Sound and vision

The film soundtrack legacy of David Bowie.

by Jennie Kermode and Max Crawford

Ziggy Stardust And The Spiders From Mars
Ziggy Stardust And The Spiders From Mars

Since the death of David Bowie earlier this week, tributes have poured in from all around the world. People remember him as a musician; as an icon who stretched the boundaries of gender; and, of course, as an actor. But whilst we remember his fantastic performances in the likes of Merry Christmas Mr Lawrence and The Man Who Fell To Earth, there’s a risk that we overlook the enormous contribution that he made to the film industry through his music. With over 400 soundtrack contributions across his career, he was one of the most prolific contributors the industry has ever known.

Bowie’s music first began to be used in films at the end of the Sixties and 1973 saw the release of the celebrated concert film Ziggy Stardust And The Spiders From Mars, but is wasn’t until 1981 that he first provided the soundtrack for a whole film. This was Uli Edel’s Christiane F, a portrait of Berlin’s drug scene in the Seventies, and Bowie also appears in the film in concert footage, which was recorded in New York but designed to look like part of the Berlin music scene which he had recently been a part of. The following year saw him write a song specially for a film for the first time, providing the title track for Paul Schraeder’s cult fantasy horror film Cat People, which starred Nastassja Kinski and Malcolm McDowell. Although neither film was a major hit in its time, they cemented his reputation as somebody just as interested in outsider art and pushing boundaries in film as he was in music.

In 1983, Bowie appeared opposite Catherine Deneuve in The Hunger and contributed Funtime to the soundtrack, but it would be another three years before he would write material specifically for a film he was starring in. Absolute Beginners, which had been billed as a modern revival of the musical, sadly failed to live up to fans’ hopes, but Bowie had simultaneously been working on another film which would prove to have much more lasting influence. He was persuaded to join the cast of Labyrinth after Jim Henson wrote a personal note telling him he thought he would be wonderful in it. As he happened to have a number of half-written songs which he’d been unsure what to do with, he adapted them to create the film’s soundtrack. The result was something quite at odds with the more serious image he had recently been cultivating, but its appeal went well beyond the young audience it had been intended for, and it is perhaps the most widely viewed of all his films, with enduring cult appeal.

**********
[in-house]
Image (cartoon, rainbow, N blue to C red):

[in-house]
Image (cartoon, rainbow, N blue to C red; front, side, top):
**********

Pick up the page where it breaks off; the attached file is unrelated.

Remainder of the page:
After a distinctive contribution to The Night Is Young (Mauvais Sang) and a less successful contribution to Cool World (which featured strong work by Brian Eno, Ministry and My Life With The Thrill Kill Kult), Bowie largely withdrew from direct creative involvement in film soundtracks, but his work continued to be selected for films and, in some cases, was very important to setting their tone. The Hearts Filthy Lesson made for a powerful introduction to David Fincher’s Se7en and provided comment on its themes about the artistic process and the abuse of artistic ideas, while Trent Reznor’s remixed version helped establish Reznor as an important film composer in his turn – one who would go on to become an Oscar winner. Lost Highway, meanwhile, established Bowie’s Outside album as the go-to place for strong songs with otherworldly undertones. Its director David Lynch had worked with Bowie two years earlier on Twin Peaks: Fire Walk With Me and the two remained friends, with further material featuring Bowie appearing in the Twin Peaks 25th anniversary blu-ray box set released last year.

Bowie’s Heroes, a song written about two of his friends sneaking off for a snog, in perhaps the most frequently misinterpreted song in history, and has been used accordingly in films from Roland Emmerich’s Godzilla (which arguably misunderstood its scaly hero to a similar degree) to Antitrust. Young Americans has also been used very clumsily by people who don’t seem to have got past the title, but it’s also enjoyed starring moments, fitting perfectly in 1984 Bratpack hit Sixteen Candles and providing a real emotional punch over the bleak final credit sequence in Lars Von Trier’s 2003 opus Dogville.

Other Bowie contributions worth looking out for include I Have Not Been To Oxford Town in Starship Troopers (which is performed by Zoë Poledouris, daughter of the film’s legendary composer, Basil); the remixed Bring Me The Disco King in Underworld; and The Life Aquatic With Steve Zissou’s collection of fan favourites sung in Portuguese. Then there’s Moonage Daydream in Guardians Of The Galaxy, which won Bowie a whole new generation of fans. The last film to feature his work whilst he was alive was Ridley Scott’s The Martian, with Starman.

There will be a special anniversary screening of The Man Who Fell To Earth at this year’s Glasgow Film Festival.

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